Mauling an MGM classic
A new adaptation of An American in Paris is an infernal mess.
A new adaptation of An American in Paris, the great MGM musical starring Gene Kelly and featuring the songs of the Gershwin Brothers, has opened at the Dominion Theatre in London’s West End. The film version, directed by Vincente Minnelli in 1951, was the most ambitious of the MGM movie musicals, and the nearest the studio ever came to producing high art.
The film’s greatest strength is the contrast between the ‘real’ scenes in Paris, where characters perform spontaneous, compact musical numbers on the street, and the Technicolor fantasies inside the characters’ heads. The movie is inconsistent, but it does climax with an extraordinary ballet – a freewheeling, impressionistic, beautiful sequence that takes place entirely in the imagination of Gene Kelly’s character, Jerry. Its endless sets, dream logic, sensational choreography and sheer length (17 minutes) make it the most formally brilliant sequence in any MGM musical.
The new stage version does away with all that. It has a puzzling new book written by Craig Lucas. It keeps the Gershwin numbers but it has a completely different story and characters who are barely comparable to their movie counterparts. At least it’s still set in Paris, I suppose, and there’s an American in it.
The book seems to have been written deliberately to evoke the corniness of Golden Age musical comedies: the silly plot devices, the shallow romances, the cheesy lead-ins to songs, etc. We’re meant to laugh, because that’s how musicals used to be! Only, the original movie wasn’t like this. Where that marvellous film strove for modernity, this new adaptation is aggressively old-fashioned and knowingly clichéd in a way the film never was.
It starts similarly enough. Jerry Mulligan is a former soldier and aspiring artist. He’s friends with Adam, a fellow American who plays piano. Adam is friends with a French cabaret singer named Henri, who’s in a relationship with a girl named Lise. What follows from this familiar outline, however, are trite plots that didn’t feature in the original film, a smattering of ‘idiot plots’, and the most clichéd kind of backstage musical.
An idiot plot is the technical name for a plot that could be cleared up with one sensible line from any of the characters. This isn’t to say that an idiot plot is necessarily a bad story. In a good musical like Top Hat, the story’s farce is built on a simple misunderstanding that spirals ever-more ludicrously and comedically out of control. In this new An American in Paris, in contrast, we have an idiot ensemble, where every single bloody character’s plot is driven by an incredibly simple piece of information they don’t share with the other characters for no good reason.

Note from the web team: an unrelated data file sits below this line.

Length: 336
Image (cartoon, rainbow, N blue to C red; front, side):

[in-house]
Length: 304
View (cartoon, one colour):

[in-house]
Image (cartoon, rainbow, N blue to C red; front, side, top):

The guys meet constantly for drinks, Henri always bemoaning his lack of courage in proposing to his fiancée. In multiple meetings, he never once tells the guys her name. This is so that Jerry can fall in love with her – a love he also mentions in passing without ever telling them her name. Lise keeps rejecting Jerry, but doesn’t just tell him she’s already in a relationship. In the original, Jerry knows Lise is in a relationship and both explicitly choose to have an affair. Again, this is much more edgy and modern than the traditional musical comedy, or indeed this new stage adaptation where everyone is highly moral but extremely obnoxious, selfish and, yes, idiotic.
But enough about the characters – even the ballet is reduced to idiocy in this infernal adaptation. The majesty of the ballet sequence in the film was that it was complete fantasy, a vision in Kelly’s mind after his character Jerry is rejected by Lise. In this musical, bizarrely enough, the gang are all involved in producing an actual ballet. Lise is now a ballerina, whose first scene sees her being picked from the chorus to be the lead dancer in as clichéd a way as possible. As the show progresses towards the climactic performance, I guess we’re meant to be in suspense as to whether the ballet will be a success. Craig Lucas has taken the most formally brilliant sequence in all of MGM and reduced it to just ‘putting on a show’, as Judy Garland and Mickey Rooney did so endlessly.
I hope I’m not giving the impression that the libretto is light and brisk and silly – it’s not. It’s slow, laboured, and it takes forever for the idiot plot to resolve itself. Also, some strange seriousness about the Nazis is thrown into the mix, also absent from the original, so that the leads can stare into the audience as they remember ‘that dreadful war’.
The real tragedy is that this dire libretto is incredibly well directed by Christopher Wheeldon. The production design makes every moment on stage look gorgeous. Every chorus number starts out simply enough and evolves into a huge production number. The choreography, also by Wheeldon, is excellent, despite ditching the film’s tap for ballet throughout. It was wise to cast ballet dancers as the leads rather than typical musical-theatre performers. The extended dance sequences are long enough that you start to forget how dreadful the libretto is, and you find yourself wondering why other West End shows are so lazy with their choreography.
But the moment the characters open their mouths, it all goes to pot again. I now see why this big-budget show shut after less than two years on Broadway and didn’t win any major Tonys. If it were an actual revival, or perhaps even an entirely new pastiche of the Golden Age book musical, it might have worked. But as a reductive adaptation of Minnelli’s great movie, it’s an insult both to its source material and its West End audience.
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